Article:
By Paul Homewood
The National Grid has just published its latest annual FES:
As usual, there are four scenarios:
- Consumer Transformation – basically high electrification
- System Transformation – high hydrogen use
- Steady Progression – business as usual
- Leading The Way – first lemming over the cliff
In this post, I’ll look at Consumer Transformation:
This is the energy flow diagram:
Heating in homes is largely electrified, as is road transport. There is a small amount of hydrogen use, mainly from electrolysis using surplus wind power, most of which goes for shipping.
Electrical output doubles to 691 TWh in 2050, of which 481 TWh comes from wind and solar:
Demand peaks at 96 GW. Assuming de-rating to 85% (to allow for capacity not always being available), that would mean minimum dispatchable capacity of 113 GW. The figure of 96 GW, by the way, already assumes smart grids, storage, demand side response etc.
Yet dispatchable capacity built into their plan is only 33 GW, in addition to 25 GW of interconnector capacity, assuming of course that Europe has power spare to sell us:
Base demand for electricity, ie excluding for electrolysis and export, comes to 494 TWh, equating to 56 GW averaged across the year. Clearly we will need much more in winter. So potentially we will be short of guaranteed capacity throughout the year.
So how do they square the circle? By something called “Equivalent Firm Capacity”. This assumes that a minimum amount of generation will always be available from weather dependent renewables:
I would not even run a whelk stall on such wishful thinking, never mind the nations energy system! As I have shown on many occasions, there have been many times in the past when wind power has fallen well below these levels for long periods.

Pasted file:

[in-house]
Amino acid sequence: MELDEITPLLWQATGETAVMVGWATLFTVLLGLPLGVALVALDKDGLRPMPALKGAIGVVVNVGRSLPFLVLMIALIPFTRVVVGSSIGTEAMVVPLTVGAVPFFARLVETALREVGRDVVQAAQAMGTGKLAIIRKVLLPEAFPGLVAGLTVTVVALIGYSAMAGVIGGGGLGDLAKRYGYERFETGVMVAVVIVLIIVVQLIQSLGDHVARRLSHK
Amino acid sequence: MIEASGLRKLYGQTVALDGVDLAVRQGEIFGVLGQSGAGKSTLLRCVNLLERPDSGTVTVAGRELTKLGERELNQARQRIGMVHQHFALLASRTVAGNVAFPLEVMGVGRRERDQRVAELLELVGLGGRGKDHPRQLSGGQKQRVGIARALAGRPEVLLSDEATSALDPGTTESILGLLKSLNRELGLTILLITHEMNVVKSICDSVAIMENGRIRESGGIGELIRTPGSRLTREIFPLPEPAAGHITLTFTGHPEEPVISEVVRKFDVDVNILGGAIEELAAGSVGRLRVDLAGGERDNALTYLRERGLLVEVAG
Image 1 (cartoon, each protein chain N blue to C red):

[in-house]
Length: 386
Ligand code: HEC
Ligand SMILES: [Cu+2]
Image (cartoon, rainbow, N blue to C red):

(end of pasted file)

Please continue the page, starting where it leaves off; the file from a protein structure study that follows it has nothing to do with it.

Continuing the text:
By 2050, it is assumed there will be a net export of electricity, amounting to 52 TWh. However, this is derived from imports of 60 TWh, and exports of 112 TWh.
In other words, there will be a surplus of 112 TWh, which may or may not be saleable, given that much of Europe is likely to have surplus wind power at the same time as us. Assuming a cost of £60/MWh, 112 TWh is worth £6.7bn, which is the potential amount it could cost in constraint payments if we can’t sell it. Who will end up standing this cost?
Nowhere does the FES document mention how much all of this will cost, nor the impracticalities. For instance, we are not told how the capacity of the nationwide distribution system will be doubled, what would be involved or the costs.
I realise that costs may not be in the National Grid’s remit, but one might have hoped they would point out to government the very real difficulties faced, regardless of what scenario is followed.
Instead, they have meekly told the government what it wanted to hear.
via NOT A LOT OF PEOPLE KNOW THAT
July 28, 2020 at 04:00PM